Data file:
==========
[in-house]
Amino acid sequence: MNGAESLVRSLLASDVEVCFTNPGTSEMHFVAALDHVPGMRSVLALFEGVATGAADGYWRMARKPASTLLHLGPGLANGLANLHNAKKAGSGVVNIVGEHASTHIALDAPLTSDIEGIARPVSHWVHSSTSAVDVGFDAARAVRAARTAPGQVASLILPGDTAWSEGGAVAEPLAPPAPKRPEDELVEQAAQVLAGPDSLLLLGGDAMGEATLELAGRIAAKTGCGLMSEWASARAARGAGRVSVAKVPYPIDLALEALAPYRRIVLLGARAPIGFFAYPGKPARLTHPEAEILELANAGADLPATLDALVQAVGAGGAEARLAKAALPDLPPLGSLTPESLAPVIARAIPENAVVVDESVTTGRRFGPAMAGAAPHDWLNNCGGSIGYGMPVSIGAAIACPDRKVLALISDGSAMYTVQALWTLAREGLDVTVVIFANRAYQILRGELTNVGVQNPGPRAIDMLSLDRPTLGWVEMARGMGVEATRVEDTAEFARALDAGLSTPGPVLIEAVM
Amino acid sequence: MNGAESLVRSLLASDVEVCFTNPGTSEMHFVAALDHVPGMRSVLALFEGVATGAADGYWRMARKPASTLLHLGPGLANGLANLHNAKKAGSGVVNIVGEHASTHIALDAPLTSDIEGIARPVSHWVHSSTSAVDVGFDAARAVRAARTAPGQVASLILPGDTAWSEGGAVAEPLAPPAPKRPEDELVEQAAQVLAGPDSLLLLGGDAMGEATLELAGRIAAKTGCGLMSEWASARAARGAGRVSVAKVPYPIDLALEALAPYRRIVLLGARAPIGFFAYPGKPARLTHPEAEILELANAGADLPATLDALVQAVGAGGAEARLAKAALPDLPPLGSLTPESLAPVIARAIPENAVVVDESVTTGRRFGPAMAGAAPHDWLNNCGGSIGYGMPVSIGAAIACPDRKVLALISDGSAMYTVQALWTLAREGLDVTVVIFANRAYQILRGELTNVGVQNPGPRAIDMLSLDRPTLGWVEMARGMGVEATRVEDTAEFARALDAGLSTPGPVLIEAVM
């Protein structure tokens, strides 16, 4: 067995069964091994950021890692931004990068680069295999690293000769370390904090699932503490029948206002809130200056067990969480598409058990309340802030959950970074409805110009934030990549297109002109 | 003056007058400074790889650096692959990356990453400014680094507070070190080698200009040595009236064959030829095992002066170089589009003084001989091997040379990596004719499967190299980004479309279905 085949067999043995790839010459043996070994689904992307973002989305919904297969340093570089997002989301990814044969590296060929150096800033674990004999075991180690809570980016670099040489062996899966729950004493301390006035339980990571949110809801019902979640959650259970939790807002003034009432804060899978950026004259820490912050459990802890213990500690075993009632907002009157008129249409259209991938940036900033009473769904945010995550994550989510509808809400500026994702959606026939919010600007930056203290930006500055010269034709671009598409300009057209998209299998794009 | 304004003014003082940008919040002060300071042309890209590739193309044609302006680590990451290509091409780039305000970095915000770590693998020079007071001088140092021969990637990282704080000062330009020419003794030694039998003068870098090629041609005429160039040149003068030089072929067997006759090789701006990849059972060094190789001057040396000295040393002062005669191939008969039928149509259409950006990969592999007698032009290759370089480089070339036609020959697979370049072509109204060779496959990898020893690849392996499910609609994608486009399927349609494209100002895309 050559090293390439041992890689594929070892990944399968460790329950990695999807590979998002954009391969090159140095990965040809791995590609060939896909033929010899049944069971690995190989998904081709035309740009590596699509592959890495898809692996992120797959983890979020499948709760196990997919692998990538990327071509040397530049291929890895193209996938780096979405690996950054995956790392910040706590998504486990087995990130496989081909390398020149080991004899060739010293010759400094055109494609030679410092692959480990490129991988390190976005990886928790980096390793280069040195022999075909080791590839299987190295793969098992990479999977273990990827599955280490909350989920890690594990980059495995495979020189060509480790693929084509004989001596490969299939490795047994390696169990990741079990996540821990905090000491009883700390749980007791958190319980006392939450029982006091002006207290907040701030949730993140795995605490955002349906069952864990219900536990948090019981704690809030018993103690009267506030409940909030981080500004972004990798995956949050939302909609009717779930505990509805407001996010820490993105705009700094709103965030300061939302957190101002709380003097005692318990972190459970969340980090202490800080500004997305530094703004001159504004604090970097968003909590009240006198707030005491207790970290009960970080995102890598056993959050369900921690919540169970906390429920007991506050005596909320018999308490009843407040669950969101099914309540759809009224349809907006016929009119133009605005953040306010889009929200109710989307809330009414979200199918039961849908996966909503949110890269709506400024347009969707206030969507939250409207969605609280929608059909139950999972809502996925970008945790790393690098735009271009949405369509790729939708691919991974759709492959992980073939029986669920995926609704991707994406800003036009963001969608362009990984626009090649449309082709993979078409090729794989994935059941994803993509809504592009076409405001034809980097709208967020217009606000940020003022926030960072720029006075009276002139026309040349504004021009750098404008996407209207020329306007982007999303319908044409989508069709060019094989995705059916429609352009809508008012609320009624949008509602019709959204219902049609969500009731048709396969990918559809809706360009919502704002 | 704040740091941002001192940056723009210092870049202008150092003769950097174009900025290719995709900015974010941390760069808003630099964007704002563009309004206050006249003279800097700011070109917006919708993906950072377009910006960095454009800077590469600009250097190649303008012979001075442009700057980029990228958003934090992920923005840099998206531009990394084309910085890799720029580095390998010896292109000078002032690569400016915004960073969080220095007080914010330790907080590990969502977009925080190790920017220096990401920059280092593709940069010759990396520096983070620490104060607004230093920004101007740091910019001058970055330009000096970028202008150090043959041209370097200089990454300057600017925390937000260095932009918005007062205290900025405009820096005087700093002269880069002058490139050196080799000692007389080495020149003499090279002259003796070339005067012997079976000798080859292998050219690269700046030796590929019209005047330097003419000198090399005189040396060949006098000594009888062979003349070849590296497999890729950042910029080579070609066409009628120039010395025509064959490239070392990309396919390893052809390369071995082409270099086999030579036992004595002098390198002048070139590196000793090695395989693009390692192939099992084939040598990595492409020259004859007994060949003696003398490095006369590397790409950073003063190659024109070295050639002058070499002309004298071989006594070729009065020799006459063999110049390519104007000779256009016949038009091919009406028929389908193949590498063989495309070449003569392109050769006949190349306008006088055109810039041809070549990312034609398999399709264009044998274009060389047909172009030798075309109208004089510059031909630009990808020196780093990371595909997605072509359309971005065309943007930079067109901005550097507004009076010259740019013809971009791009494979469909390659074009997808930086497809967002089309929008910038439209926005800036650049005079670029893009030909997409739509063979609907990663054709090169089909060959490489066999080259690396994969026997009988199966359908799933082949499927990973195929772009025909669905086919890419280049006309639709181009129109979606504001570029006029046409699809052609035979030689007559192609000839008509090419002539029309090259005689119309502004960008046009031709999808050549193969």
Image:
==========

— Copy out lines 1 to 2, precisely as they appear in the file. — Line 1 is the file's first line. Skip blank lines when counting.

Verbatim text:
[in-house]
Amino acid sequence: MNGAESLVRSLLASDVEVCFTNPGTSEMHFVAALDHVPGMRSVLALFEGVATGAADGYWRMARKPASTLLHLGPGLANGLANLHNAKKAGSGVVNIVGEHASTHIALDAPLTSDIEGIARPVSHWVHSSTSAVDVGFDAARAVRAARTAPGQVASLILPGDTAWSEGGAVAEPLAPPAPKRPEDELVEQAAQVLAGPDSLLLLGGDAMGEATLELAGRIAAKTGCGLMSEWASARAARGAGRVSVAKVPYPIDLALEALAPYRRIVLLGARAPIGFFAYPGKPARLTHPEAEILELANAGADLPATLDALVQAVGAGGAEARLAKAALPDLPPLGSLTPESLAPVIARAIPENAVVVDESVTTGRRFGPAMAGAAPHDWLNNCGGSIGYGMPVSIGAAIACPDRKVLALISDGSAMYTVQALWTLAREGLDVTVVIFANRAYQILRGELTNVGVQNPGPRAIDMLSLDRPTLGWVEMARGMGVEATRVEDTAEFARALDAGLSTPGPVLIEAVM